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Logical constant

## Summary

In logic, a logical constant of a language ${\displaystyle {\mathcal {L}}}$ is a symbol that has the same semantic value under every interpretation of ${\displaystyle {\mathcal {L}}}$. Two important types of logical constants are logical connectives and quantifiers. The equality predicate (usually written '=') is also treated as a logical constant in many systems of logic.

One of the fundamental questions in the philosophy of logic is "What is a logical constant?";[1] that is, what special feature of certain constants makes them logical in nature?[2]

Some symbols that are commonly treated as logical constants are:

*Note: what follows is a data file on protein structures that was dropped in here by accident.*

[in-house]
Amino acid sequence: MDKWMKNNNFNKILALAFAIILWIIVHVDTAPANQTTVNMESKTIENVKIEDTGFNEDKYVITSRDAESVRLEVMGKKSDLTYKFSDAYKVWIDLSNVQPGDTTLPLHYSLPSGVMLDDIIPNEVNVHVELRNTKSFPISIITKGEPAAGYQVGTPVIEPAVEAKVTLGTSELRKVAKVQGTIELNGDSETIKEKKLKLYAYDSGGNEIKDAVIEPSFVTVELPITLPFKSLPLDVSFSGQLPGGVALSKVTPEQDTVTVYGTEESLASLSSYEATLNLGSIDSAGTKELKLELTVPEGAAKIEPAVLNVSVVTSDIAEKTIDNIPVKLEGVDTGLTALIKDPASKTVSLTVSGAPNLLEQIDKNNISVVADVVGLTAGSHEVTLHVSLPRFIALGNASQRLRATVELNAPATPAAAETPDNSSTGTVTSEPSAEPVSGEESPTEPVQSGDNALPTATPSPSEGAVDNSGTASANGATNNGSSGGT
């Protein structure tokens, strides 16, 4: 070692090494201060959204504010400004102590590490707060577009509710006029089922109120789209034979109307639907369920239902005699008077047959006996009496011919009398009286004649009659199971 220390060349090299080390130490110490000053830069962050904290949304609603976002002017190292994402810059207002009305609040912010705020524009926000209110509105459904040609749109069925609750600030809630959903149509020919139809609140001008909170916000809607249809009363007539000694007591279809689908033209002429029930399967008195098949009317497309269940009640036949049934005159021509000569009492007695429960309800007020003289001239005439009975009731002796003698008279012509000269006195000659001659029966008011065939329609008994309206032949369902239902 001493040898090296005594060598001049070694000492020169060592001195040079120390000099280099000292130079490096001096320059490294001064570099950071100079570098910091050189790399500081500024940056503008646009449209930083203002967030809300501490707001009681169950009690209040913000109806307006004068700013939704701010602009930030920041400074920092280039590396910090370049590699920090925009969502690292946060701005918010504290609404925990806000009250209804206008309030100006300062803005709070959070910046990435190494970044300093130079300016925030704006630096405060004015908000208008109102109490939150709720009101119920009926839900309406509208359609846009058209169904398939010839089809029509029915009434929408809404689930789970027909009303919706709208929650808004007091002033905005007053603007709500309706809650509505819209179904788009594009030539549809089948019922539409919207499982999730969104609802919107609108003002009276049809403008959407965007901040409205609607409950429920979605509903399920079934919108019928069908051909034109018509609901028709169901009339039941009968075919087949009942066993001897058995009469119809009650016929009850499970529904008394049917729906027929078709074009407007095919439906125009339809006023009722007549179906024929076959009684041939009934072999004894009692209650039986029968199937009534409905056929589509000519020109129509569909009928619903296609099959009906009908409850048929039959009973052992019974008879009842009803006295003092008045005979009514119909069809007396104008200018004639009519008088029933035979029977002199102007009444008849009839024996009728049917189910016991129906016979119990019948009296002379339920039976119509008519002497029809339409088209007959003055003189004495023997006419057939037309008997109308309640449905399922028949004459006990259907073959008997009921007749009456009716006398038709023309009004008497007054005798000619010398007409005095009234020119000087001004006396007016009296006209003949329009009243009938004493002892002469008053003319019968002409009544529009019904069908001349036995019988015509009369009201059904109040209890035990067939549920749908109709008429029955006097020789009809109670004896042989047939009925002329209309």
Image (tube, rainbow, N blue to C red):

Symbol Meaning in English
T "true"
F "false"
¬ "not"
"and"
"or"
"implies", "if...then"
"for all"
"there exists", "for some"
= "equals"
${\displaystyle \Box }$ "necessarily"
${\displaystyle \Diamond }$ "possibly"

Many of these logical constants are sometimes denoted by alternate symbols (e.g., the use of the symbol "&" rather than "∧" to denote the logical and).

Defining logical constants is a major part of the work of Gottlob Frege and Bertrand Russell. Russell returned to the subject of logical constants in the preface to the second edition (1937) of The Principles of Mathematics noting that logic becomes linguistic: "If we are to say anything definite about them, [they] must be treated as part of the language, not as part of what the language speaks about."[3] The text of this book uses relations R, their converses and complements as primitive notions, also taken as logical constants in the form aRb.